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How Working Longer Is Changing Retirement Strategies

Last update on: Aug 12 2021

More and more Americans remain in the work force after age 65.

Some people need the money and don’t want to walk away from the salaries they’re making.

Others aren’t ready to leave the structure and activity of the work place.

Many people haven’t found other activities that will give meaning and purpose to their lives, so they keep working.

There are plenty of other reasons why people keep working past normal retirement age.

However, those who keep working past traditional retirement age should consider some actions to optimize their plans.

Establish a path to eventual retirement. Set a target date for retirement. Decide whether it is a hard date, meaning you’ll stop working altogether, or a soft date after which you’ll work less than a full schedule.

Some people don’t retire because they don’t know what they’ll do in retirement. They need to use the additional working years to consider how to spend time after stopping work.

Consider activities that interest you and will provide a sense of purpose.

Of course, you don’t have to fully retire. Unless an employer is going to force you out at a certain age, you can decide to “die with your boots on.”

Self-employed individuals are especially among those most likely to never fully retire, if health permits.

It is okay to make that your plan, but it’s important to have a backup strategy in case circumstances force you to stop working.

Decide when to draw down the nest egg. Some people start to spend some of their nest egg during their last working years. They take more expensive vacations, for example.

But if you aren’t confident about being financially secure for retirement, defer the nest egg draw down for a few more years.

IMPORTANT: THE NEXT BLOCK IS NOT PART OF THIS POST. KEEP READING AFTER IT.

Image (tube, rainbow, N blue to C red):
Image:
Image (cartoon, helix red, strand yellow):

Waiting a few years can substantially increase retirement financial security.

Continue saving. A few more years of contributions to a 401(k) or IRA can significantly enhance retirement financial security. That’s especially true if an employer matches 401(k) contributions.

You might want to forego the current tax breaks and make contributions to a Roth 401(k) or IRA, ensuring tax-free income in retirement.

Defer IRA conversions and 401(k) rollovers. When you’re still working, you might not want to convert a traditional IRA to a Roth IRA.

The converted amount must be included in gross income and could push you into a higher tax bracket.

An IRA conversion might be less expensive in the years after retirement begins, because you might be in a lower tax bracket.

As we’ve discussed in the past, you have to crunch the numbers for your situation to determine the best time to convert an IRA.

You probably can roll over your 401(k) to an IRA anytime after age 59½, even if you continue working. But required minimum distributions (RMDs) have to be taken after age 70½ from a traditional IRA, even if you still are working.